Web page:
Chicken Parmigiana

I judge an Italian restaurant by it’s lasagna and by it’s parmigiana.  And if I like it, I go back.  If I don’t, well… I don’t.  I love eggplant parmigiana since that is the traditional Sicilian dish I grew up with.  My husband hates eggplant.  Loathes eggplant.  The only way I can get eggplant into a dish is to make it part of my tomato sauce and run it through a food mill.  I’m not kidding.  Since he is so adverse to the whole idea of eggplant parmigiana, I decided to compromise and settle for being really good at chicken parmigiana.  There is some debate over whether the dish is named for the Parmesan cheese in the breading or if it’s because it originated in the region of Parma, but I’m not really concerned over that.  My greatest concern is always the breading.  I’ve learned to take my time and season all the layers, but I wanted to come up with a recipe that works.  Every.  Single.  Time.  Below is the result of all my trial and error and the cause of the few extra pounds around my middle.  Apparently, the fact that I always serve this dish with green beans does not negate the fact that I always over indulge.

Chicken Parmigiana

  • 4 boneless, skinless chicken breasts
  • 2 cups finely ground bread crumbs
  • 2 oz parmesan cheese
  • salt and pepper
  • 2 eggs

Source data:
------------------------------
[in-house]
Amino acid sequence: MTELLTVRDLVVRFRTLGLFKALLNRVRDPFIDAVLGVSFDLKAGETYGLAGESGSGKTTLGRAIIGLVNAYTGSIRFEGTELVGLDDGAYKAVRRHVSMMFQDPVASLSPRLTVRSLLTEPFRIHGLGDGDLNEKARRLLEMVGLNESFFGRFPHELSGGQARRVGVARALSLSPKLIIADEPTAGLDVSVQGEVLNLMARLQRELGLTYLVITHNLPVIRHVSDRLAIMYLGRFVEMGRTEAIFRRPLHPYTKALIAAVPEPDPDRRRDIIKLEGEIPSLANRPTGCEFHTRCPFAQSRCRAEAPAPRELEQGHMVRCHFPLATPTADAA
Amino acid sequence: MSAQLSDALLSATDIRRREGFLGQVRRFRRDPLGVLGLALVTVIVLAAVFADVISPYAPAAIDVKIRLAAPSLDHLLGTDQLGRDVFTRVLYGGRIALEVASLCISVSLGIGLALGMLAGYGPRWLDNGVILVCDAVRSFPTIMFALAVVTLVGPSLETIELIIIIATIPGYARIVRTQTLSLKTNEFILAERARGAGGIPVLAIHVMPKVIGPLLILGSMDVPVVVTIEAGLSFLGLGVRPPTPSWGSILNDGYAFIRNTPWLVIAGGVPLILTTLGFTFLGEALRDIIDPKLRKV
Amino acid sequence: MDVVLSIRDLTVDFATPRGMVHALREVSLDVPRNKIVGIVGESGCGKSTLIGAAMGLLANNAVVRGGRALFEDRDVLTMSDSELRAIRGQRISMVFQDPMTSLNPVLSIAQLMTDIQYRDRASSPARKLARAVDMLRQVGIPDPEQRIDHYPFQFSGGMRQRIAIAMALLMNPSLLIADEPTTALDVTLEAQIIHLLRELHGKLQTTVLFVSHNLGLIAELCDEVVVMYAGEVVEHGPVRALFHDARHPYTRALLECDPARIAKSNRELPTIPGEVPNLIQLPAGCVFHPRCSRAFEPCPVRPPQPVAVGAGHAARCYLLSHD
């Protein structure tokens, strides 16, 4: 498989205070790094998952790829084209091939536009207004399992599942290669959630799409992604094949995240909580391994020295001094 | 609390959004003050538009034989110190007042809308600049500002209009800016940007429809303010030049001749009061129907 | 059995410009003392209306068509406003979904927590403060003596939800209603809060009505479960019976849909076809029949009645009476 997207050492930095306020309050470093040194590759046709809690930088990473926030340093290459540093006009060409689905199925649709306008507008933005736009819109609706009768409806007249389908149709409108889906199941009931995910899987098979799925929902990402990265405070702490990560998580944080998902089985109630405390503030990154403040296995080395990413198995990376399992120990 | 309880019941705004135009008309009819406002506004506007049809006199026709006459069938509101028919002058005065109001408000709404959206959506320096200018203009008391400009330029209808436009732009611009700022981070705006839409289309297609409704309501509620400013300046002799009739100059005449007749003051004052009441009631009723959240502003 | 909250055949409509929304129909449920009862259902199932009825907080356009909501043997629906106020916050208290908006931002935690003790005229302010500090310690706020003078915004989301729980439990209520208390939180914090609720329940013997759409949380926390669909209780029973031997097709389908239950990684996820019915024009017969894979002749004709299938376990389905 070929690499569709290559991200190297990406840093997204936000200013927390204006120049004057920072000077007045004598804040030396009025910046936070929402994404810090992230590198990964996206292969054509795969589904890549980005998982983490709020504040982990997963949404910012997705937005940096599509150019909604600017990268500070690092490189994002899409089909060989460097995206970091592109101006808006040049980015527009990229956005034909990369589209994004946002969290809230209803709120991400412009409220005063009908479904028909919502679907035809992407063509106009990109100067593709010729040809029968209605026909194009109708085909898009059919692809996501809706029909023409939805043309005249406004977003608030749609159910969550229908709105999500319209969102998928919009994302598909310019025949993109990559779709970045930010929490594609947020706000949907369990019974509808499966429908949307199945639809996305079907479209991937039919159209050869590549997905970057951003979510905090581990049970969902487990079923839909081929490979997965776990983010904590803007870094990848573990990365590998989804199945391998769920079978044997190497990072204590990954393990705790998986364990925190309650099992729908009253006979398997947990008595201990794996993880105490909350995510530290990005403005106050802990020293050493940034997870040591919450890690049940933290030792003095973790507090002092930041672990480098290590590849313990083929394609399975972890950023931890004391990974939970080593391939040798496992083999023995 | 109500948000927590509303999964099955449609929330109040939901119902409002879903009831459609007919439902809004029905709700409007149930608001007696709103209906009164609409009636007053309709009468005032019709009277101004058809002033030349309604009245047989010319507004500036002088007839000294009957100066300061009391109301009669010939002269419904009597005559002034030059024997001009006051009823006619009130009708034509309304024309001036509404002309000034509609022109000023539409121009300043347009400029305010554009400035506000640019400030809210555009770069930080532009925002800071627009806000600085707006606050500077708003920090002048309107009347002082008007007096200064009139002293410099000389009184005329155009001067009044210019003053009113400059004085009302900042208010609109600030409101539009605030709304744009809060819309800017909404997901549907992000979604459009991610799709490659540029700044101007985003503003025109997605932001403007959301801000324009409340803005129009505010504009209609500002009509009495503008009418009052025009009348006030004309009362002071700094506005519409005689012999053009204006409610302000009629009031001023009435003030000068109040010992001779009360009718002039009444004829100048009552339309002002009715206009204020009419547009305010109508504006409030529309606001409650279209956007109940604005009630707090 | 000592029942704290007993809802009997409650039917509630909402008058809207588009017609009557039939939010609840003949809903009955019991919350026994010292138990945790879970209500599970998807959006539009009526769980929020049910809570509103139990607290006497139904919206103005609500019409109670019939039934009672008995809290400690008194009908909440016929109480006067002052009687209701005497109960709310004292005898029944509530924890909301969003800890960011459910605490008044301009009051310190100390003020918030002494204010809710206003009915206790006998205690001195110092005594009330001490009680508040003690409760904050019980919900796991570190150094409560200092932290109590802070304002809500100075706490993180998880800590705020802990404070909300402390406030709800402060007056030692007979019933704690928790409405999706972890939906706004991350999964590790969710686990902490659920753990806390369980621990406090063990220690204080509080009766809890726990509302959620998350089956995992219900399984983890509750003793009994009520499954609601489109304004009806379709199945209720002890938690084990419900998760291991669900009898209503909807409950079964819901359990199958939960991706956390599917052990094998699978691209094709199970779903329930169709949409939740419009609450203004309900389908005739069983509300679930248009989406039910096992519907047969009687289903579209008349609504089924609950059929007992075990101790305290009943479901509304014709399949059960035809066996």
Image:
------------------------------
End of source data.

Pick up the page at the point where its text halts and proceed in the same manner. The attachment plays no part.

• flour
  • Pasta and basic tomato sauce to finish the dish
  • Fresh mozzarella

The first step in this recipe is to pound out the chicken so that it is about half of it’s original thickness.  This of course, is specific to each piece of meat, but it’s easiest done if you first put the chicken in a large freezer bag, seal it and then pound it out with a meat hammer or heavy ladle.  Once the meat is to the desired thickness, season it lightly with the salt and pepper and set aside while you prepare the breading.  You will note that I call for 2 oz of cheese and by that I mean a hunk of cheese, not the kind in the shaker can from the grocery.  You can use that, but it won’t be as good.  I’ve tried.  It’s not the same.

Cut the cheese up into smallish pieces and whiz them in a food processor until they are finely ground.  Then mix them in with the bread crumbs.  Whisk the eggs together until they are well beaten.  Heat a small amount of oil in a saute pan until it is hot.  Then, coat the chicken first in the flour, then the egg and finally the breading as pictured here.  Place each piece of meat in the pan and cook until it’s nicely browned.  Then, remove the meat to a baking dish.  I don’t recommend cooking more than 2 pieces of meat at a time so as not to crowd the pan and drop the oil temperature.  This part of the dish requires some time and loving care, but it’s worth it in the end.  Once all the meat has been browned and the breading has formed a lovely golden crust, it’s time to put it into a 375 degree oven for about 15 minutes.  Don’t cover the pan, don’t poke the chicken, just put it in there and prepare some pasta to go along with the chicken.  The less you mess with the meat, the more tender and juicy it will be.  If you are serving this meal to people who must have their chicken parm smothered in cheese a la most restaurants, wait until the chicken is done cooking, them slice a bit of fresh mozzarella and run the chicken under a broiler until the cheese is melted.  This is a nice finish to the dish, but I didn’t feel it was totally necessary.  I liked it just with the tomato sauce and pasta.  But to each his own. 

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